Retail Briefing: Amazon’s making the duopoly a triopoly
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Get ready for publishers to start grousing about the triopoly.
New forecasting from multiple analysts places Amazon’s still-nascent advertising platform as poised to not only become the third leg of the advertising duopoly of Google and Facebook, but also overtake it.
First up was eMarketer, which said it expected Amazon to be No. 3 in digital ad sales in 2018 with $4.6 billion in ad revenue in the U.S. That would mean that its acceleration in growth in ad revenue is putting it on pace to overtake Oath and Microsoft.
There’s a few things Amazon has done right recently. One is that it is much more effective at monetizing its traffic than others are — even others in retail media. A quick look at Amazon’s own search results page shows how many more ads now appear above the fold than used to.
Amazon’s recent moves to streamline its own business, getting rid of its confusing terminology of Amazon Media Group and Amazon Marketing Services in favor of an “Amazon Advertising” umbrella, is also making it more palatable — not only to agency ad buyers, but an increasing number of direct to consumer brands and those selling directly on Amazon. Another big move, according to eMarketer, has come from Amazon’s own increased push to what it calls non-endemic advertisers like auto companies. The message: Even if you don’t sell on Amazon, you can certainly and effectively advertise on it.
Jefferies this week said that the advertising, as well as subscriptions, is growing two times faster than the core Amazon retail business, with analyst Brent Thill expecting Amazon to hit $1.5 trillion by 2020.
Meanwhile, L2 founder and industry prognosticator Scott Galloway expects Amazon advertising to hit $11 billion this year, which means it will get as much in ad revenue as Instagram, Snapchat and Twitter combined.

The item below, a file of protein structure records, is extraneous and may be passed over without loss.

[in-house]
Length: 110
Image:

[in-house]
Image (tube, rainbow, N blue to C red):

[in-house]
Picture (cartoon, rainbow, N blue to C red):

That’s what is perhaps most interesting about the Amazon story. In some ways, the under-covered story of the e-commerce boom is the story of media. While Amazon may be the biggest player in the retail media space right now, others are also making moves. Walmart has been out talking to more buyers about its own advertising capabilities, while other retailers, including Kroger, are of increased interest to ad buyers.
“Ignore the cloud, ignore the retail [but] one of the biggest media companies in the world is a retailer,” said Galloway.
“Influencers don’t have a conventional design background, but they have a very strong point of view and aesthetic. Not being able to sketch doesn’t mean you’re not a designer.” — A Nordstrom rep, explaining the basis for influencer Arielle Charnas’ new line for the retailer
What we covered
Weight Watchers, which rebranded as WW this week, is building out its mobile app to become a personalized wellness platform that stands on its own, as opposed to an add-on to meetings that take place in person. The app will now feature an Instagram-like community and more ways to track fitness goals.
Shopify is the $17 billion company that has quietly become the plumbing and power behind the direct-to-consumer brand revolution. It’s done it by building a network and ecosystem of apps, vendors and agencies that work within it to help DTC brands — and more — do everything from sales to marketing.
Michael Kors Holdings Limited — now renamed Capri Holdings Limited — plans to build the Versace brand into a $2 billion business. To make this happen, Michael Kors is going to have to focus more on product, double down on luxury and make e-commerce a core focus.
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